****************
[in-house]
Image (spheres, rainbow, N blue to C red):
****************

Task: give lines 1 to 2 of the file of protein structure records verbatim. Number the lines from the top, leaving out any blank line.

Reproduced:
[in-house]
Image (spheres, rainbow, N blue to C red):